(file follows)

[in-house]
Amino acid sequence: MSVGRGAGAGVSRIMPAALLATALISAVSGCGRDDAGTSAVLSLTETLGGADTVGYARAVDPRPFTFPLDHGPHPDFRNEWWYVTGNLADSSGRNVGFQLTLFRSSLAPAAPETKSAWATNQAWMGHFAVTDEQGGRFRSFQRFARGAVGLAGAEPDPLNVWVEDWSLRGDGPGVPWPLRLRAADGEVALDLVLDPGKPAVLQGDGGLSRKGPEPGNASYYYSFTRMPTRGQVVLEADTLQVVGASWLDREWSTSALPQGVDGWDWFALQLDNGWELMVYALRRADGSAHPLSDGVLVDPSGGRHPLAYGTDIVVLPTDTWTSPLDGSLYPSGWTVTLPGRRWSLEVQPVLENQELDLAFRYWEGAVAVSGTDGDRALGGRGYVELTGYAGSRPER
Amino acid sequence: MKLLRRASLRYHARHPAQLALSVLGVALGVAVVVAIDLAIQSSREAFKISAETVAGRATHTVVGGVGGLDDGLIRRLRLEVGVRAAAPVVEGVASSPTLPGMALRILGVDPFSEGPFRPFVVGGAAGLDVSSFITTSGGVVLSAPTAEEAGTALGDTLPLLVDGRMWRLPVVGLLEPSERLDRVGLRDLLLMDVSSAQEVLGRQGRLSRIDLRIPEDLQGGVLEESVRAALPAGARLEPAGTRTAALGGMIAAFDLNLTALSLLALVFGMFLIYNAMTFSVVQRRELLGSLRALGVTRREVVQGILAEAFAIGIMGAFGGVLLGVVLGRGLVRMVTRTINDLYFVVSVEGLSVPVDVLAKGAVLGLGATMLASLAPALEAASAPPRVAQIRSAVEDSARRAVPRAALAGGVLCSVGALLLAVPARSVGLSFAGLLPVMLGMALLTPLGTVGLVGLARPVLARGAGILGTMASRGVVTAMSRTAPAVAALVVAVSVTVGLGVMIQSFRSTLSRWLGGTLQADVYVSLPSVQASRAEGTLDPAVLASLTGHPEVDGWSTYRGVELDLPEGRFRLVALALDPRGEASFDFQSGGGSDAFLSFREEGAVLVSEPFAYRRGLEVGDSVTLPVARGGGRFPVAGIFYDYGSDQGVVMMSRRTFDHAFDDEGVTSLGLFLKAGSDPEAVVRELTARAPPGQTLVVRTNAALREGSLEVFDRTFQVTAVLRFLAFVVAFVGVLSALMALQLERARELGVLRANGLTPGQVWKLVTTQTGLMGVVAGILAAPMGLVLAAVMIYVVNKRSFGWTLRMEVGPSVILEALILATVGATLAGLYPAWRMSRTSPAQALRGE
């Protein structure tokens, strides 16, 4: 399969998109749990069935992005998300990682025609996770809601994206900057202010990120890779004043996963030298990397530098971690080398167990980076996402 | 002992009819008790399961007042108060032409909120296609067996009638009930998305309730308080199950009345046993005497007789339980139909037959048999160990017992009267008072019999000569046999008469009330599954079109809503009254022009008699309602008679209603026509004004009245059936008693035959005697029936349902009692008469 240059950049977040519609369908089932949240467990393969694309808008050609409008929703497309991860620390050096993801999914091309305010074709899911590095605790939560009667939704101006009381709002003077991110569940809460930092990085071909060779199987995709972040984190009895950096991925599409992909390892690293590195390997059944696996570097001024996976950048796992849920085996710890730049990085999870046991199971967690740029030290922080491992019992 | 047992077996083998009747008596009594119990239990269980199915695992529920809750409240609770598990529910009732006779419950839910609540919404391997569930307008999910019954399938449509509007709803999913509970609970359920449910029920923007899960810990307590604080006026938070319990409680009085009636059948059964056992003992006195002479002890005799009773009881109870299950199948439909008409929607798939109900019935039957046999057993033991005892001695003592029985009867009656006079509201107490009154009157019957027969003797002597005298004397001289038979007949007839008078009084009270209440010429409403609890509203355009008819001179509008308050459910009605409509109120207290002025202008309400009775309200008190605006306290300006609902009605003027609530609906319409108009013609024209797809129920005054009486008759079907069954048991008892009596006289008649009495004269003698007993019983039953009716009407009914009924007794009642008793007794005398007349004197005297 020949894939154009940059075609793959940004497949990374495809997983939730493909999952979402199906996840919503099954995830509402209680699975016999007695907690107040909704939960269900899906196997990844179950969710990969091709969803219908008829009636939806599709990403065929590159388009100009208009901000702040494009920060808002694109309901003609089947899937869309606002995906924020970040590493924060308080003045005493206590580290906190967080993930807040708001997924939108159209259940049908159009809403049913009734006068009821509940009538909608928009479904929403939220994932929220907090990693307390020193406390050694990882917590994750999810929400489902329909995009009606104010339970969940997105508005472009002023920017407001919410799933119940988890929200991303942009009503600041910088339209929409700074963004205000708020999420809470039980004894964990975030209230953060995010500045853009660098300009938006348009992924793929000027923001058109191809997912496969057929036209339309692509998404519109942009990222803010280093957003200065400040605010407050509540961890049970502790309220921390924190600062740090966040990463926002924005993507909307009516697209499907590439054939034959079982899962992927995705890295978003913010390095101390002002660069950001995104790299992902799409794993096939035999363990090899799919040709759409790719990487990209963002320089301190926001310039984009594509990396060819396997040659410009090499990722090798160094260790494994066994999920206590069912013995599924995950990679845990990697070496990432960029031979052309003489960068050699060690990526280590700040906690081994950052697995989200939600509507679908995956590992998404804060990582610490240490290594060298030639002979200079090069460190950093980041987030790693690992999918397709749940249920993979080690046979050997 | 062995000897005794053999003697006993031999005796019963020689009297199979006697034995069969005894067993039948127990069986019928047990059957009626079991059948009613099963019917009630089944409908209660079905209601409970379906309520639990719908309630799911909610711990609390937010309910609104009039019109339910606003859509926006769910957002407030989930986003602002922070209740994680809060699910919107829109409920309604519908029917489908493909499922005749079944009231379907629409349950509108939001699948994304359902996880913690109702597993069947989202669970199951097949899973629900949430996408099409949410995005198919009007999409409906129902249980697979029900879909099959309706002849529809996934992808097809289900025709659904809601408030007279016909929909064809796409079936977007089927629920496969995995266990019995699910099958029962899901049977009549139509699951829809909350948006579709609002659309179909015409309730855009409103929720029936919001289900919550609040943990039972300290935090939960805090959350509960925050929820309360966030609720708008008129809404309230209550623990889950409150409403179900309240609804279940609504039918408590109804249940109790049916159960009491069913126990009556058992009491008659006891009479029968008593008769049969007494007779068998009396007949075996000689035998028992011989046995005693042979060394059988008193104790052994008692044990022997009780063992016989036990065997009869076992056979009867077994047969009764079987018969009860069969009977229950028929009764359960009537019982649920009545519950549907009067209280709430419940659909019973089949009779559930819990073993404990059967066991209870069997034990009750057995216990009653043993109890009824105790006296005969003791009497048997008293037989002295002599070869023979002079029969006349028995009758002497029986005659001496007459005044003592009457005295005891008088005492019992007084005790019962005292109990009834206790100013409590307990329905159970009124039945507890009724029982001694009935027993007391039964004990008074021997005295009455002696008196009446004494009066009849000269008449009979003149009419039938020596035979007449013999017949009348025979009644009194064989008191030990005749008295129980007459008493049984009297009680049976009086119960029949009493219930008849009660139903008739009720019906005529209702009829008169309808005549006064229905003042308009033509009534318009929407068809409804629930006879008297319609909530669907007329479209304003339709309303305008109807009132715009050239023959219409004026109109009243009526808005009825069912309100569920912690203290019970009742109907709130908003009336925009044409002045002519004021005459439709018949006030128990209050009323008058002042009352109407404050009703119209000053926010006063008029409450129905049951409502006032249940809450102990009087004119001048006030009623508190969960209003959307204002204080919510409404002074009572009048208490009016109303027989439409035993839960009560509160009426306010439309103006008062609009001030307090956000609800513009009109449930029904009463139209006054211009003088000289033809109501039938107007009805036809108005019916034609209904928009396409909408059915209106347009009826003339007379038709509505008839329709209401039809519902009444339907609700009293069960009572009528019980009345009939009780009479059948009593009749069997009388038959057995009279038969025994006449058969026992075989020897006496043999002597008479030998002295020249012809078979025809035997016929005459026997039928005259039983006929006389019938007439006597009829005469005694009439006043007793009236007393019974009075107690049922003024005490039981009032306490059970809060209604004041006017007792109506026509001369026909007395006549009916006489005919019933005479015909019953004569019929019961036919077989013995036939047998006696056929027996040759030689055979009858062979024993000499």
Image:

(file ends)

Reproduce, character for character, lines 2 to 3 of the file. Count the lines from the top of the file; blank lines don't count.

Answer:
Amino acid sequence: MSVGRGAGAGVSRIMPAALLATALISAVSGCGRDDAGTSAVLSLTETLGGADTVGYARAVDPRPFTFPLDHGPHPDFRNEWWYVTGNLADSSGRNVGFQLTLFRSSLAPAAPETKSAWATNQAWMGHFAVTDEQGGRFRSFQRFARGAVGLAGAEPDPLNVWVEDWSLRGDGPGVPWPLRLRAADGEVALDLVLDPGKPAVLQGDGGLSRKGPEPGNASYYYSFTRMPTRGQVVLEADTLQVVGASWLDREWSTSALPQGVDGWDWFALQLDNGWELMVYALRRADGSAHPLSDGVLVDPSGGRHPLAYGTDIVVLPTDTWTSPLDGSLYPSGWTVTLPGRRWSLEVQPVLENQELDLAFRYWEGAVAVSGTDGDRALGGRGYVELTGYAGSRPER
Amino acid sequence: MKLLRRASLRYHARHPAQLALSVLGVALGVAVVVAIDLAIQSSREAFKISAETVAGRATHTVVGGVGGLDDGLIRRLRLEVGVRAAAPVVEGVASSPTLPGMALRILGVDPFSEGPFRPFVVGGAAGLDVSSFITTSGGVVLSAPTAEEAGTALGDTLPLLVDGRMWRLPVVGLLEPSERLDRVGLRDLLLMDVSSAQEVLGRQGRLSRIDLRIPEDLQGGVLEESVRAALPAGARLEPAGTRTAALGGMIAAFDLNLTALSLLALVFGMFLIYNAMTFSVVQRRELLGSLRALGVTRREVVQGILAEAFAIGIMGAFGGVLLGVVLGRGLVRMVTRTINDLYFVVSVEGLSVPVDVLAKGAVLGLGATMLASLAPALEAASAPPRVAQIRSAVEDSARRAVPRAALAGGVLCSVGALLLAVPARSVGLSFAGLLPVMLGMALLTPLGTVGLVGLARPVLARGAGILGTMASRGVVTAMSRTAPAVAALVVAVSVTVGLGVMIQSFRSTLSRWLGGTLQADVYVSLPSVQASRAEGTLDPAVLASLTGHPEVDGWSTYRGVELDLPEGRFRLVALALDPRGEASFDFQSGGGSDAFLSFREEGAVLVSEPFAYRRGLEVGDSVTLPVARGGGRFPVAGIFYDYGSDQGVVMMSRRTFDHAFDDEGVTSLGLFLKAGSDPEAVVRELTARAPPGQTLVVRTNAALREGSLEVFDRTFQVTAVLRFLAFVVAFVGVLSALMALQLERARELGVLRANGLTPGQVWKLVTTQTGLMGVVAGILAAPMGLVLAAVMIYVVNKRSFGWTLRMEVGPSVILEALILATVGATLAGLYPAWRMSRTSPAQALRGE